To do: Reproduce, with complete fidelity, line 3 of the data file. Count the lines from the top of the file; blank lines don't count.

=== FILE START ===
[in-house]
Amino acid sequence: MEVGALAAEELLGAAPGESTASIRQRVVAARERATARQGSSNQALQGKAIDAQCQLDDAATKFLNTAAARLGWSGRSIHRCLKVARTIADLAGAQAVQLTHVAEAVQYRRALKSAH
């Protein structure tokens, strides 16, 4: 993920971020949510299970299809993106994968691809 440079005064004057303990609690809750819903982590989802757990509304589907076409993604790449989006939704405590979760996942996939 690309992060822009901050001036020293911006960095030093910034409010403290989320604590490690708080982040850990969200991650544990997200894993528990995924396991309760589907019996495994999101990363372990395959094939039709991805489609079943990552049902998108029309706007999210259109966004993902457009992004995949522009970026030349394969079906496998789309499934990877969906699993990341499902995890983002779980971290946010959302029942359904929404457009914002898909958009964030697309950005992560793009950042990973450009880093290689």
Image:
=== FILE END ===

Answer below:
């Protein structure tokens, strides 16, 4: 993920971020949510299970299809993106994968691809 440079005064004057303990609690809750819903982590989802757990509304589907076409993604790449989006939704405590979760996942996939 690309992060822009901050001036020293911006960095030093910034409010403290989320604590490690708080982040850990969200991650544990997200894993528990995924396991309760589907019996495994999101990363372990395959094939039709991805489609079943990552049902998108029309706007999210259109966004993902457009992004995949522009970026030349394969079906496998789309499934990877969906699993990341499902995890983002779980971290946010959302029942359904929404457009914002898909958009964030697309950005992560793009950042990973450009880093290689």